These last two scope photos show the static relationship between plate and screen grid G2 currents as a function of suppressor grid G3.
Pentode to pentode variations
The following plots summarize operational results for 14 dual control pentodes of different brands and types, 11 of which were the 6SA6, one was the 6HZ6 and two were the 6GY6/6GX6. The pentodes are serialized from #25 to #38.
I conducted this evaluation of design robustness because of the well founded concern from Felix Schaffhauser over parametric variations among tubes.
This survey resulted in the adjustment of the turns ratio of the push-pull output transformer load for Plate and Screen from 1:1 center tap to 2:1. The reason for this shift is that it was not possible to balance the plate and screen outputs of all tubes with a centered tap, but it was with a 2:1 turns ratio favoring the plate.
This reduced screen swing by 4, and increase plate swing by 4. This had a very fortuitous effect on Miller capacitance, and spurious FM modulation was reduced from 1kHz to 250Hz as G3 varies from 0V to plate cutoff.
If I increased the supply voltage to the plate, while operating with a 1:1 center tapped transformer primary, I would have increased the plate output, as an alternative to using the 2:1 primary tap favoring the plate. But separate supplies and windings for plate and screen are inconvenient.
Final thoughts, going further and acknowledgments.
When G3 is set for a null RF carrier output, the AM detected sound is like the "Donald Duck" sound you might hear in the SW bands, coming from SSB ham operators.
Adjusting G3 with the knob is easily done by ear, by first listening for the RF null point on the knob with the characteristic "Donald Duck" sound, then easing back the bias to 50% of that setting. If more modulation is desired, the bias can be moved closer to the carrier null point just before clipping can be heard. G3 works as a control for the null carrier output and as a modulation control. The further from the null point, the lower the modulation percentage for a given audio input.
The output can drive a loop for reception on radios with loop antennas, or the 3-foot metal rod for radios with wire antennas that are sensitive to the electric field. The 3 foot rod and loop antenna work well together because the loop antenna tunes out some of the output parasitic capacitance.
The final listening tests sound absolutely sweet. It has made me want to check the alignment of a couple of my AM radios that show very little treble response. Perhaps I will cheat and add some over-coupling capacitance from primary to secondary of the last IF transformer to peak the treble response, while moving the AGC detector to the primary side to retain monotonic AGC response to the carrier.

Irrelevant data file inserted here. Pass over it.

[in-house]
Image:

Additional tube types that can be tried are sharp cutoff heptodes like the 6BY6, beam deflecting modulators like the 6ME8, 6JH8, 6AR8, and Compactron triple triodes like the 6AC10. The Beam Deflectors are ideally suited for this topology of single tube transmitter. The only down-side is that they would be used exactly as intended, and all the fun of subverting pentode operation would be gone. A much more worthy use of a beam deflecting tube like the 6JH8, would be Robert Weaver's single tube direct conversion receiver
(homodyne or synchronous detection) or his one tube double reflex superhet receiver
Gate beam tubes like the 6BN6 are related to dual control pentodes, but their low gm1 makes then unsuitable to work as stable oscillators in this topology.
The list of dual control pentodes includes a number of GE Compactrons, like the 6AL11, which include a high transconductance dual control pentode and an audio power pentode. A higher power version of this transmitter could be built with one of these Compactrons to broadcast 1W with the dual control pentode wired as discussed in this post, and the power pentode serving as a linear class A output amplifier.
I learned a lot from experimentation with Professor Pentode, however, much of what I know about neutralization and spurious FM modulation in AM transmitters was learned in the RMORG Forum.
I had this concept in my head for a while. It was our own Professor Dietmar Rudolph
who sparked the realization of this transmitter when we discussed the operation of dual control pentodes like the 6DT6 used for FM sound detection in American TV sets of the 1950's and 1960's.
The development of this transmitter was first shared via email with a number of very supportive tube enthusiasts. One of whom, was Barrie Gilbert
. The roaring fire that Barrie lit under my butt with his ardent enthusiasm helped too!
This transmitter is dedicated to all of you.
Comments are welcomed, in particular, about any results from similar circuits or your built version of this circuit. It would be great to hear about a high power (1W) version of this transmitter with one of the GE Compactrons.
This article was edited 18.Nov.10 17:44 by Joe Sousa .